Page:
Farmers held demonstrations outside the European Parliament in Brussels on Wednesday as protests against environmental legislation and other grievances spread across the continent.
While the event was smaller in size compared to similar demonstrations seen recently in Germany, France and Romania, the presence of a handful of Members of the European Parliament (MEPs) from far-right groups signalled that farmers’ disgruntlement is shaping the political agenda.
Demonstrators spoke of brewing discontent with the EU’s flagship Green Deal policies as well as free trade deals with third countries, citing damage to their markets and incomes.
In France, farmers have cut off major roads in recent days in protest at the government’s environmental regulations and rising energy costs. Similar demonstrations have been seen in Romania and Germany, where farmers call for lower taxes and fairer subsidies.
“We want to show that, in France as in the rest of the EU, it’s not technocrats – who have no idea how hard or difficult it is to produce quality product in France – who will decide,” Patrick Legras, a farmer and member of French farmers’ union Coordination Rurale, told Euronews.
Legras also called for a stop to low-standard agricultural imports that threaten the livelihood of European farmers.
Jorge Buxadé, a Spanish MEP for the right-wing European Conservatives and Reformists (ECR) group said it is their “political conviction” to help European farmers.
“We voted against the Common Agricultural Policy, which led to a reduction in the aid that our farmers deserve,” he explained, adding that the centre-right European People’s Party (EPP) was capitalising on farmers’ discontent from “pure interest” and to earn political points.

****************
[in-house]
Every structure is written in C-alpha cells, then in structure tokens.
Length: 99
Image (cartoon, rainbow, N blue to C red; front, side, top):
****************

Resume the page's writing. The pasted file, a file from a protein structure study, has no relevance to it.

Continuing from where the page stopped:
The demonstrations came just a day before the European Commission is set to launch its so-called “dialogue” on agriculture, designed to “depolarise” the debate around the green transition.
The bloc’s ambitious climate goals and green industrial policies are tipped to be one of the main mobilisers of the EU electorate in the European elections on 6-9 June.
Earlier on Wednesday, the EU’s trade commissioner Valdis Dombrovskis defended the Green Deal as the bloc’s “long-term” initiative that aims at achieving climate neutrality by 2050, adding that it’s “clearly important” that the work continues into the next legislature after June’s vote.
The Commission’s social rights chief Nicolas Schmit – the lead candidate for the centre-left Socialists and Democrats (S&D) in June’s election – said the bloc had a responsibility to “defend” the Green Deal and implement “in a fair, just way so that in the end everyone can be a winner.”
The recent protests, which have seen tractors blockading roads in major European cities including the German capital of Berlin, have shown the cross-border relevance of farmers’ discontent.